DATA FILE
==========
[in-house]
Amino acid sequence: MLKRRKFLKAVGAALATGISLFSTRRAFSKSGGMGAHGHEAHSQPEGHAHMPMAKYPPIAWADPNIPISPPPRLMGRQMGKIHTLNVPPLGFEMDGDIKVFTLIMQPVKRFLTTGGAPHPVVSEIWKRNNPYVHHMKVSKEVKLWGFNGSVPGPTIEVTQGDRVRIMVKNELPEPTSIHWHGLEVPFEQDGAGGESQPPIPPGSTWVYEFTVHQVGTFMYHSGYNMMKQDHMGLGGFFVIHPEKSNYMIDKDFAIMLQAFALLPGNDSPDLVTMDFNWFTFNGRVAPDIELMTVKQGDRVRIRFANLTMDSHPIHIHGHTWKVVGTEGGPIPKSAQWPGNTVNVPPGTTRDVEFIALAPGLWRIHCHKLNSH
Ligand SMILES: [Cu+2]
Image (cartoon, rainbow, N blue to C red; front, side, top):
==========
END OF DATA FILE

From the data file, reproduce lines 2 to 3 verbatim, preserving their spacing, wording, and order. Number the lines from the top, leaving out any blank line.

Amino acid sequence: MLKRRKFLKAVGAALATGISLFSTRRAFSKSGGMGAHGHEAHSQPEGHAHMPMAKYPPIAWADPNIPISPPPRLMGRQMGKIHTLNVPPLGFEMDGDIKVFTLIMQPVKRFLTTGGAPHPVVSEIWKRNNPYVHHMKVSKEVKLWGFNGSVPGPTIEVTQGDRVRIMVKNELPEPTSIHWHGLEVPFEQDGAGGESQPPIPPGSTWVYEFTVHQVGTFMYHSGYNMMKQDHMGLGGFFVIHPEKSNYMIDKDFAIMLQAFALLPGNDSPDLVTMDFNWFTFNGRVAPDIELMTVKQGDRVRIRFANLTMDSHPIHIHGHTWKVVGTEGGPIPKSAQWPGNTVNVPPGTTRDVEFIALAPGLWRIHCHKLNSH
Ligand SMILES: [Cu+2]